I may just go with the composite gasket it has a narrow copper band firing ring which should seal the combustion gasses better but like you say a few tightenings will e required. Cheers and thanks for your thoughts always appreciated. Pete.
 

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Copper ring anneal it before fitting
 
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Discussion Starter · #76 ·
If you have not bought the ignition yet
Look at pazon or stay with the points they work fine
Thanks for that richbob. The bike came to me with the Boyer set up. Being a late bike 1981 I would imagine it came with electronic ignition from the factory though not Boyer so for the time being I will stick with that set up. I do however suspect it may well have contributed to his mainly hot starting problems that was the reason for the complete engine strip down in the first place by the original mechanic who had twice strip[ped and cleaned the carbs that did'nt change a thing. I have no idea if he checked the charging or ignition systems . I do know that because the crank was running out of true on the drive side the rotor had been rubbing the stator. You could see the wear marks on the inside of the stator.
From experience of some of the early car electronic ignition systems many years ago I know how they can fail and give intermittent non starts especially when the modules get hot. Also read that if the battery voltage drops they struggle to produce a spark. This was typical of the symptoms he was getting.
So once I get to a point where it starts and runs I will need go through the whole set up the engine should be in good fettle mechanically with everything renewed and checked in that respect.
Good to here your views. Cheers Pete
 

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If it was rubbing .. the electronic ignitions rotor is installed with the exghaust cam pin removed. It's in the cone end of shaft for alignment for the factory points or lucas rita parts. Pazon are better units. That being said all electronic ignitions on these engines have similar voltage restrictions and coIL requirements. My boyer is early, uses 2 12 volt coils , sum called Fer 2 6 volts. I had a dickens of a time setting a degree wheel and keeping it from floating around whilst revving etc to get accurate readings. There's one made for running off the cam w the boyer. It's calibrated to cam speed so it is read directly as crank timing. When all components r working fine most of these old girls make plenty of Ju ice to charge the battery. The sealed reg/rectifier seems to be best Fer longterm reliability. Make sure all is set proper timing wise ( just get it to start readily, n run smooth) that 38' at high rev seems to be the ticket. Tweak as she showas ya. MY 79 ... I retarded it a tad from boyers directions. But I had her set up high strung, ruin hot n rode it like I stole it, would've been fine save a leaking left manifold rubber.. I holed a piston. They r pretty durable and forgiving engines! No more high compression pistons Fer my old twins. But I was trying to get her to do the model number Fer top speed. ..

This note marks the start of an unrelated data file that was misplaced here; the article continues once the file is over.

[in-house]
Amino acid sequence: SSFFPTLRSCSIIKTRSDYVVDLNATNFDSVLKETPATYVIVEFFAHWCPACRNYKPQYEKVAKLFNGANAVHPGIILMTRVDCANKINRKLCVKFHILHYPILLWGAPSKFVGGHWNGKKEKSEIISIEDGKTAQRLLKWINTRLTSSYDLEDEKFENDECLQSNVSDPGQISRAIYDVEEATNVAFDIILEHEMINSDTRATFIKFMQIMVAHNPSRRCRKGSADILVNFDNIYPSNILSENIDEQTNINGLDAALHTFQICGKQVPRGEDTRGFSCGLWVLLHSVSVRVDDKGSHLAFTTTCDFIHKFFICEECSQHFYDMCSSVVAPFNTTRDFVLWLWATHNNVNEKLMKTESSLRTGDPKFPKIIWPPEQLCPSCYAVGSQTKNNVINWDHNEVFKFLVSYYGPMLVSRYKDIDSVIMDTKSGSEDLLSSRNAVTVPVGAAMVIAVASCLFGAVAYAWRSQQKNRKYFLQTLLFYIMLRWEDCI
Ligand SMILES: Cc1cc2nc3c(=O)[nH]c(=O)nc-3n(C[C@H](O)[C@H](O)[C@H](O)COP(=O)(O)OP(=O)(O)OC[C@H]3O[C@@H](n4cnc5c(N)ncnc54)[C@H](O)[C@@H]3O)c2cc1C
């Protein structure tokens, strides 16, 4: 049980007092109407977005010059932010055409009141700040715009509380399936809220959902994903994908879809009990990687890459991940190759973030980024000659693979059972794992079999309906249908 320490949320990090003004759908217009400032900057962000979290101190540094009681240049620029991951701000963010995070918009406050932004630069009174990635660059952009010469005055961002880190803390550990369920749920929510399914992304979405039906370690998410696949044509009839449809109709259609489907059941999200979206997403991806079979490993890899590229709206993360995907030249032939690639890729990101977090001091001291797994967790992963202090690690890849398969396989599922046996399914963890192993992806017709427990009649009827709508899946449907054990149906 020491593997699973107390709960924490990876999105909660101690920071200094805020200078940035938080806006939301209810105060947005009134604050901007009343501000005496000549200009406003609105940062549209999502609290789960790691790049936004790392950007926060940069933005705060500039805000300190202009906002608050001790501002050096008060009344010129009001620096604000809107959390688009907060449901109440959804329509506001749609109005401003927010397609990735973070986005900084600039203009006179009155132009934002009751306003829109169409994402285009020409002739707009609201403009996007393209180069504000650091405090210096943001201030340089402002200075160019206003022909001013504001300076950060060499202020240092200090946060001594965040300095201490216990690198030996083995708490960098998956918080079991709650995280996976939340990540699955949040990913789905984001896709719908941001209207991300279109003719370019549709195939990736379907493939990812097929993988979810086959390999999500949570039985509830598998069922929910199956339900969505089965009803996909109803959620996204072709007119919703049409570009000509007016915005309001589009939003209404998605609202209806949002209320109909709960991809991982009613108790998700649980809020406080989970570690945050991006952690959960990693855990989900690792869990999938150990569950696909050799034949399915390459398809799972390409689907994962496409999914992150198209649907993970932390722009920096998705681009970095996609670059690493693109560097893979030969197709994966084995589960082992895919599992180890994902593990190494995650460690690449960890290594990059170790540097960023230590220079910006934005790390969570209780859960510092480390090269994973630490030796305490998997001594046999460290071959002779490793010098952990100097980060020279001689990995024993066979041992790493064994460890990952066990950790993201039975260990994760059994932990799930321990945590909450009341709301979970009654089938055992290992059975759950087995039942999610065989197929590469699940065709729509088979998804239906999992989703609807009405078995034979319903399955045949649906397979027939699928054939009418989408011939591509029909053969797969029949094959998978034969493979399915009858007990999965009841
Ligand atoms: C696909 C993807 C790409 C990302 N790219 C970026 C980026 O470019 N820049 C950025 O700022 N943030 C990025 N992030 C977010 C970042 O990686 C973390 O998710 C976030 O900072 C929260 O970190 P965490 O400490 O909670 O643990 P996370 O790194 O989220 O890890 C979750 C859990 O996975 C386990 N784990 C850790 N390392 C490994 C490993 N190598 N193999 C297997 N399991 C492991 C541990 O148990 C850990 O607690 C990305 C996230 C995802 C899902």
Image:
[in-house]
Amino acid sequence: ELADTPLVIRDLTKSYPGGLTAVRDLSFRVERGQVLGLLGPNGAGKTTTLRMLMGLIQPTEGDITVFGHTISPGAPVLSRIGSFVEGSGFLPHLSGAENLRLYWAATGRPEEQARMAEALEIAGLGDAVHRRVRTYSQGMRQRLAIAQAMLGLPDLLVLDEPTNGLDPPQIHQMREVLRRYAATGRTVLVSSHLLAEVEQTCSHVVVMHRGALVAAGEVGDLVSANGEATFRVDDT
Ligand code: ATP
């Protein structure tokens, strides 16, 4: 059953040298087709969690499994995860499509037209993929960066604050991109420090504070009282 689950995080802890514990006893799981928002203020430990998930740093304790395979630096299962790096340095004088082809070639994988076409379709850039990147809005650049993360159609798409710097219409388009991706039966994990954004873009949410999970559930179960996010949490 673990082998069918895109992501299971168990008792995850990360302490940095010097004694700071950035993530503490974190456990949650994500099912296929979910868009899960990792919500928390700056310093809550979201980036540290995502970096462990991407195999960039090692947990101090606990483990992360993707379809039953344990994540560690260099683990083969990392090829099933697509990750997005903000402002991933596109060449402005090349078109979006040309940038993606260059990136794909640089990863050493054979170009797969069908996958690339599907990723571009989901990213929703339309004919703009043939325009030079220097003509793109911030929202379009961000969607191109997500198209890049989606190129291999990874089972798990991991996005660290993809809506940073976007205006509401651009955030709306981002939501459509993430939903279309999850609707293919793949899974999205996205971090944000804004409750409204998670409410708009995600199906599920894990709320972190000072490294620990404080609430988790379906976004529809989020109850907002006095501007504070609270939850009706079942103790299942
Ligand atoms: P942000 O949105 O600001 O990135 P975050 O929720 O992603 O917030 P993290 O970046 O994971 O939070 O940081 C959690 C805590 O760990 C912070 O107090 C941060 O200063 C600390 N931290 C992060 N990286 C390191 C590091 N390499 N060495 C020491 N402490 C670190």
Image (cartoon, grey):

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Lotta folks r running pazon n trispark. Seem like great units. I've several boyer sets, nuffn has failed yet , n I'm a cheap ass . That's y no pazon in mine... all of them r wasted spark far as I'm aware. That cam shaft alignment pin.. mine was mostly removed and caused rotor to wobble. Never rubbed pickup plate. I didn't do it, but I sure removed it whence I noticed it! If yer is there, take it out n save that hard lil bastard. Just in case... yer doing a fine job on that bike. Engine is nicely done. You'll do fine!
 

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I'm an idiot! The rotor rubbing the charging ring... sorry not enuff coffee down my face. Low voltage causes erratic spark from boyers! Yer on the right path sir . Indeed your work is quite proper indeed! Making me want to call off wurk, ignore the need to get done stuff n get my lazy arse to wrenching on my 79... good job, keep going.
 

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Discussion Starter · #80 ·
I'm an idiot! The rotor rubbing the charging ring... sorry not enuff coffee down my face. Low voltage causes erratic spark from boyers! Yer on the right path sir . Indeed your work is quite proper indeed! Making me want to call off wurk, ignore the need to get done stuff n get my lazy arse to wrenching on my 79... good job, keep going.
No worries Brent I often get the wrong end of the stick usually when I read through stuff too quick. That's my excuse its more than likely age related in my case!:rolleyes: